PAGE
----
Developed for both on- and off-road use, the
expedition grade camper uses Diab-cored
sandwich composites to achieve a lightweight
body that is extremely strong and durable.
The prototype has already successfully completed
an arduous, year-long testing program
covering 40,000 kilometers (25,000 miles)
across all types of terrain (tarmac, dirt roads,
sand dunes, etc.). Such is the strength of the
camper that when it was subjected to an
unplanned heavy impact with the branch of
a tree it suffered only minor cosmetic damage.
Other benefits of going the sandwich composite route include high levels of thermal and acoustic insulation and the fact that the body is virtually
corrosion and maintenance free. By choosing to
produce the body as a one-piece monocoque, XPCamper has
eliminated any potential weak points or areas
where leaks could occur.
Other North American firsts for the camper
include a patented remote-controlled, hydraulic
pop-up system, the use of all diesel
appliances for safety and efficiency and an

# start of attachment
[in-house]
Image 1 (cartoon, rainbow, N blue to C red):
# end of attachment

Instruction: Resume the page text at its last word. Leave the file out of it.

optional fuel cell power system.
The camper is designed to mount easily
and securely onto a flatbed truck with a
payload rating of 900 kilograms
(2,000 lbs.) such as the Ford 250.
XPCamper will be selling the camper in
various configurations. The base level for the
‘do it yourself’ enthusiast includes the camper
body, dual pane windows, doors and the
remote-controlled, hydraulic lifting mechanism.
Additional individual items such as
diesel appliances will be available separately.
A fully loaded and installed turnkey
model (with XPCamper carrying out the
modifications to the customer's flat bed truck)
includes a queen-size bed, full kitchen,
dinette and bathroom facilities, built-in
storage solutions, high-efficiency lighting,
exterior CCTV camera, solar panels and a
fuel cell power system.